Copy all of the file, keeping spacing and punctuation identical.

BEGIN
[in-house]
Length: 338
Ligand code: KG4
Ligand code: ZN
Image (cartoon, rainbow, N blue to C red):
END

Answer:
[in-house]
Length: 338
Ligand code: KG4
Ligand code: ZN
Image (cartoon, rainbow, N blue to C red):